Corruption in Africa prevails to overall levels

In the latest Corruption Perceptions Index (CPI), published last week by the NGO Transparency International, four countries in sub-Saharan Africa are among those with a rate of corruption lower than the global average, while a significant number are crowded in the lowest ranks of the list.

Credit Photo: Heather Thorkelson
Credit Photo: Heather Thorkelson

In 2016 the CPI monitored 176 countries, a procedure that is carried out annually on the basis of expert opinion and assigning a rating ranging from 0, for countries deemed "highly corrupt", to 100, for those "not corrupt at all".

Based on this score, sub-Saharan Africa achieved an overall average of 31, confirming its place as once again the most corrupt region in the world, where most of the population is forced to pay bribes to solve bureaucratic and administrative problems. North Africa is placed third last in the ranking, with an overall score of 38.

The methodology by which the index is drawn up changes every year, so as to give a more reliable cross-section of local realities, which in 2016 saw a general increase in perceived corruption compared to the 2015 ranking.

The global average totals a modest 43 and reveals that the number of countries that have lost points is higher than those who have earned, indicating how corruption has become endemic worldwide. Moreover, no country comes close to 100, the maximum score expected from the index.

The final ranking notes that five of the ten most corrupt countries in the world are in Africa. Somalia, with just ten points, is sadly in the lead as the most corrupt country in the world.

The nation in the Horn of Africa is immediately followed by South Sudan, North Korea, Syria, Yemen, Sudan, Libya, Afghanistan and Guinea Bissau. In 159th position, along with Haiti, we find four African countries: Burundi, Central African Republic, Chad and the Republic of Congo. Some countries, such as Nigeria, Tanzania and Kenya, while having improved their scores in the CPI,  still demonstrate evident weaknesses.

The trend of the numerous elections held in 2016 throughout the African continent provides a valid reflection to define corruption trends in the macro-region. For example, in Ghana, which recorded the second worst decline in Transparency International’s latest ranking, last December, the electors expressed their dissatisfaction against the rampant corruption by not re-electing John Dramani Mahama.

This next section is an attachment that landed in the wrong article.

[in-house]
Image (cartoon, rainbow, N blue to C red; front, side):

The lack of confirmation of the outgoing president had never occurred before in the history of the African country, which demonstrated its discontent by entrusting the government to an opposition figure, Nana Akufo-Addo.

A similar situation is also registered in the Gambia, where for nearly 23 years, the outgoing President Yahya Jammeh has ruled with an iron fist, bringing the economic framework of the small African nation to a state of collapse, especially because of corruption.

On December 1st, the histrionic tyrant was not re-elected. After six weeks of standoff with ECOWAS, the Economic Community of West African States, due to his insistence in not wanting to recognize the election defeat, on 21 January he was forced to leave the country for Equatorial Guinea.

In the survey conducted by the Berlin-based NGO, with regard to Africa, there are not only negative results to report. Among the virtuous sub-Saharan countries stands Botswana, which ranked in 35th place, followed by Cape Verde, Mauritius,  Rwanda and Namibia. While South Africa and Senegal share seventh place among the least corrupt nations in the continent and São Tomé and Principe, well-positioned in 62nd, is among the countries to have gained a high place in the ranking.

It is also important to point out that despite the flood of money that is continuing to corrupt African public servants, something is changing on the continent. In contrast to the evident damage caused by the rampant plague of corruption for the development of countries, throughout Africa committees and anti-corruption initiatives, such as the one carried out with extreme commitment by young Ugandans, are growing stronger.

And don’t  forget the African Union. It it does not effectively address the fight against corruption it cannot promote inclusive growth and sustainable development, the first of the seven African Aspirations of Agenda 2063, the plan launched on the occasion of the fiftieth anniversary of the Addis Ababa-based organization, offering a vision of the continent's development for the next fifty years.

To increase its commitment to the deed, the regional organization should strengthen its Advisory Board on Corruption, exerting pressure on the 18 member states that have not yet ratified the African Union Convention on preventing and combating corruption.


Write a comment for the Article